The implications of this study go beyond the urban environment. In general, we need to balance the requirement for complexity within models against what is actually required for a model to be fit for purpose. Hence, new and more complex processes should not be included in models unless it can be demonstrated that they are required. In addition, consideration needs to be given to the availability of information to specify parameters within complex models and if such complexity can be justified given the uncertainty range for the parameters. Also, the type of analysis used here could be applied to any comparison study to ensure that the results are robust and not contaminated by physical processes not being directly considered.

These key conclusions are based on the single-site observational dataset of less than 18 months. This suburban site of low-density housing is typical of extensive areas in North America, Europe, and Australasia. Hence, we might expect the results from this study to be valid over a reasonable range of cities. However, most urban environments have a range of zones (e.g., Ellefsen 1991; Grimmond and Souch 1994; Stewart and Oke 2012) with very different characteristics. So to test if the results presented here are robust for other cities, similar “experiments” are required for additional sites with differing climates and urban characteristics. Hence, we recommend that further model comparison projects be developed for the urban community.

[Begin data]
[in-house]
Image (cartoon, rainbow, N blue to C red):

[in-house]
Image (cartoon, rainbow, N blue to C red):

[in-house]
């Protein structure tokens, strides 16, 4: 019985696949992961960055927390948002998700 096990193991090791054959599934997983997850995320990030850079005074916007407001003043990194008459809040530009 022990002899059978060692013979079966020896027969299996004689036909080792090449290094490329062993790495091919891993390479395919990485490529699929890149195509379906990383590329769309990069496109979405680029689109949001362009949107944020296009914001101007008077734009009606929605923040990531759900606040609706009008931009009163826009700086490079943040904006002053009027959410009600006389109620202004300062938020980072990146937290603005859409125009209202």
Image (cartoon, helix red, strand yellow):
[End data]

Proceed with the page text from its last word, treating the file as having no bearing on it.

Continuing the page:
Despite these limitations, the results have implications for future development of ULSMs and for the types of data that need to be collected in future urban measurement campaigns (e.g., soil moisture, given its impact to limit transpiration and the long time scales required for model spinup, along with the conclusion that the fraction of vegetation is important for urban areas) and/or the parameters that should be collated systematically for cities around the world (e.g., Ching et al. 2009; Loridan and Grimmond 2012; Stewart and Oke 2012; Ching 2013; Faroux et al. 2013).

ACKNOWLEDGMENTS

Funds to support the comparison project were provided by the Met Office (P001550). MJB was supported by the Joint DECC/Defra Met Office Hadley Centre Climate Programme (CA01101). We thank Andrew Coutts and Jason Beringer for allowing their data to be used for the comparison. We would also like to thank Mathew Blackett for all of his efforts in coordinating the model data collection, and to everyone who contributed results to the comparison from their models: J.-J. Baik, S. E. Belcher, J. Beringer, S. I. Bohnenstengel, I. Calmet, F. Chen, A. Dandou, K. Fortuniak, M. L. Gouvea, R. Hamdi, M. Hendry, M. Kanda, T. Kawai, Y. Kawamoto, H. Kondo, E. S. Krayenhoff, S.-H. Lee, T. Loridan, A. Martilli, V. Masson, S. Miao, K. Oleson, R. Ooka, G. Pigeon, A. Porson, Y.-H. Ryu, F. Salamanca, G. J. Steeneveld, M. Tombrou, J. A. Voogt, D. T. Young, and N. Zhang.